Sexual Violence and College Masculinities within the U.S. Higher Education System, with an Emphasis on the University of Texas at Austin

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2016

Authors

Zhang, Amy

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Abstract

Sexual violence is one of the most prevalent crimes that occurs on college campuses, even taking into consideration underreported cases due to negative stigmas around reporting. Even on large campuses like the University of Texas at Austin with ample prevention programs and resources for survivors, a culture of sexual violence has quietly perpetuated, allowing for nearly 20 percent of female undergraduates to experience penetrative assault during their time on campus, despite University statistics that say otherwise. Overall, a contributing factor to this statistic may be the perpetuation of negative, hegemonic masculinities. Accordingly, this thesis seeks to answer the following: What do we know about the cultures of masculinity that exist at UT-Austin, and in what ways do all-male organizations promote cultures of masculinity that prompt the risk of sexual assault and interpersonal violence?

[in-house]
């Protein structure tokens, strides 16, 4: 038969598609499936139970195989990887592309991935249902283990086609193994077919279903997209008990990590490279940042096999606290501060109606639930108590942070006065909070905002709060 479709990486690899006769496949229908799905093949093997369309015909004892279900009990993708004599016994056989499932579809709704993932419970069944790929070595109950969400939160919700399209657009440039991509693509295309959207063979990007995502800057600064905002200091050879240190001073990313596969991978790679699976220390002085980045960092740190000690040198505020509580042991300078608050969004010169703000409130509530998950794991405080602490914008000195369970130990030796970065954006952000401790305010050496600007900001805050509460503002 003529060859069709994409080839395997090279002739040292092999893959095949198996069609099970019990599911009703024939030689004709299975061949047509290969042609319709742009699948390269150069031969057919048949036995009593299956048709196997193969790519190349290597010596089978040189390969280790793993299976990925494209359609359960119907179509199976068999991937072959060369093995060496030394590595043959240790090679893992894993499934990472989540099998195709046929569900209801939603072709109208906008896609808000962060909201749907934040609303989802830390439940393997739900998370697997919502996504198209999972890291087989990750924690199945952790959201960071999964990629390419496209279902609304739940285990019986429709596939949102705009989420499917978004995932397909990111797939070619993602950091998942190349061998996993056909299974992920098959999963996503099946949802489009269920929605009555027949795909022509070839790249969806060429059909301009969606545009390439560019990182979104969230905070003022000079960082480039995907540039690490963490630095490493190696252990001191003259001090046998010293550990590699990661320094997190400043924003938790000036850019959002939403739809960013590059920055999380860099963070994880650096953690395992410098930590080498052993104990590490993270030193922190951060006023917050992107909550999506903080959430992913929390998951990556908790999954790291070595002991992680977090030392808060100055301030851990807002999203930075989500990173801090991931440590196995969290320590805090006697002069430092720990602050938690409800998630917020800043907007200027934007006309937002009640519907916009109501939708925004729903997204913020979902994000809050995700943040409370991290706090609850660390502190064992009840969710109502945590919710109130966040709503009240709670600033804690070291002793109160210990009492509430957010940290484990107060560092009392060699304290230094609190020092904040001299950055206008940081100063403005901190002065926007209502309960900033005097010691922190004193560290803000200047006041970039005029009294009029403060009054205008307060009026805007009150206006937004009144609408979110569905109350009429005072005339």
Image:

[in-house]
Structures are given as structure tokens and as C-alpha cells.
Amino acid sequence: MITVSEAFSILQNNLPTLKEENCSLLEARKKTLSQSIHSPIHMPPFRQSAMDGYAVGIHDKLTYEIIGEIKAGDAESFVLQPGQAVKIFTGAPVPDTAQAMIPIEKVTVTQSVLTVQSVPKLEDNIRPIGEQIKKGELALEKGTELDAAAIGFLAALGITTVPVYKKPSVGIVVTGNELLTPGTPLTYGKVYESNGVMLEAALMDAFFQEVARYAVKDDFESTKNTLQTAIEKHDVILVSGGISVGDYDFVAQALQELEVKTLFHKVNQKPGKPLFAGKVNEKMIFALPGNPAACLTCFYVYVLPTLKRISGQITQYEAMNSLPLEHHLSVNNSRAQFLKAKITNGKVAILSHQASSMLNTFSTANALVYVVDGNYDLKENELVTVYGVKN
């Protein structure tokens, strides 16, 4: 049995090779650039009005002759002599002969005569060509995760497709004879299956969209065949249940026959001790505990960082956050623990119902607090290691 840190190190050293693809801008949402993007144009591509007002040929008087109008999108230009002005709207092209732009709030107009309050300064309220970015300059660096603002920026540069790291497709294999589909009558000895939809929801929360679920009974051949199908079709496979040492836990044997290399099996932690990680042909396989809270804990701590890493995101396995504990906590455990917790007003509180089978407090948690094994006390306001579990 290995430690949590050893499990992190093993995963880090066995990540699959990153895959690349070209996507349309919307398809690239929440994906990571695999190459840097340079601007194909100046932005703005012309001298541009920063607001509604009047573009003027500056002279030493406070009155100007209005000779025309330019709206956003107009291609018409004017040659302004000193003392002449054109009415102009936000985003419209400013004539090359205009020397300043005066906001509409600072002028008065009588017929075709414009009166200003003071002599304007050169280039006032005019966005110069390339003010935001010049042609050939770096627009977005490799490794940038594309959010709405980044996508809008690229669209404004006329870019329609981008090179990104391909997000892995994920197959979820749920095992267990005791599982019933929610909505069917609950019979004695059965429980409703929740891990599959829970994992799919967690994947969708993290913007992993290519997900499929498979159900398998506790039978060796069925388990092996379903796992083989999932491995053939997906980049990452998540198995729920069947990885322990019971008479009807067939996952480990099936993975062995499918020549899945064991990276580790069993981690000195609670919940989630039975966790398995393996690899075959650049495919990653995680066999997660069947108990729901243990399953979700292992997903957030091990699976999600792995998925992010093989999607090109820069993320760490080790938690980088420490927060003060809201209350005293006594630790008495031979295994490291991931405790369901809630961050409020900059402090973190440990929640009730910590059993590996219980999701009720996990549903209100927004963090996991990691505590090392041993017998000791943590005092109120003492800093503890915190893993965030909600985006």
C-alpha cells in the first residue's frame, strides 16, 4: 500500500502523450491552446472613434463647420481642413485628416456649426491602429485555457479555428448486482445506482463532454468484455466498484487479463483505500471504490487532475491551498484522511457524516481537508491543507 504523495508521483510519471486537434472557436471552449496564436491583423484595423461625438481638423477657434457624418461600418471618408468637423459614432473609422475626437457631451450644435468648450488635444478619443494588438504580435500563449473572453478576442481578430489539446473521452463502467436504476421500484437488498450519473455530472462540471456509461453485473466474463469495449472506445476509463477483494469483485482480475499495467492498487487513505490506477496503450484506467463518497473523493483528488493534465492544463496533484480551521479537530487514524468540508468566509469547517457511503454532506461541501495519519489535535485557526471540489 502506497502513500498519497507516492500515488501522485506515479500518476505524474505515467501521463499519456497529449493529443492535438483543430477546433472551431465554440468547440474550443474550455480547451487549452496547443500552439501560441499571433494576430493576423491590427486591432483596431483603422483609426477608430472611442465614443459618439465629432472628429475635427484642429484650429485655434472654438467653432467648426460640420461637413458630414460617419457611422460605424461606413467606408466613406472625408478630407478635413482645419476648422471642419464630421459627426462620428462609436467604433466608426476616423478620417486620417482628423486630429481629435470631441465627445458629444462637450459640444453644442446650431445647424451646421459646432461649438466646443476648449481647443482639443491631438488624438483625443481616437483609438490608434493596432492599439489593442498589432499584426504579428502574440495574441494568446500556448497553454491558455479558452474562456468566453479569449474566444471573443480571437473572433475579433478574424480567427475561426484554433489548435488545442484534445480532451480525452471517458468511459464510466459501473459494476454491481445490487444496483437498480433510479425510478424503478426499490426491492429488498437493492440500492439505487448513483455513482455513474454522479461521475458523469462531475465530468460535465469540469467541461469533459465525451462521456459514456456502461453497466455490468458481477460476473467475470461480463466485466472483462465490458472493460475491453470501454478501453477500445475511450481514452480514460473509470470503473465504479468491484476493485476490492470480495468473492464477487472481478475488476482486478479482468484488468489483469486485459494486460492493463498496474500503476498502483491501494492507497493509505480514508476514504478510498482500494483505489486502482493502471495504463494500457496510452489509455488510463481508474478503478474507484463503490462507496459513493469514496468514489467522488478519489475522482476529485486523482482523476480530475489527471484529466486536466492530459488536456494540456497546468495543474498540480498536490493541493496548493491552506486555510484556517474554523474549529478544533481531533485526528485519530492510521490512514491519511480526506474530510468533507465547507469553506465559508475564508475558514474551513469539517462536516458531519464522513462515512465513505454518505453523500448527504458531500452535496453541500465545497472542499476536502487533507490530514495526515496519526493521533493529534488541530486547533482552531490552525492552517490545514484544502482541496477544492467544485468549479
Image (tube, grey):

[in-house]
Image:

Firstly, I will give an overview of the history of sexual violence at UT-Austin before analyzing 2015 statistics to get a summary of the state of sexual violence on campus, according to survivors and bystanders. Following this, I will examine masculinities as they are seen through men's social groups on campus, overall assessing West Campus culture and potential strategies for improvement. Thirdly, I will look at existing prevention and intervention programs, offering solutions for improvement. Lastly, I will use a case study of a homicide that occurred on campus to illustrate how UT-Austin responded to heightened concerns about campus safety.

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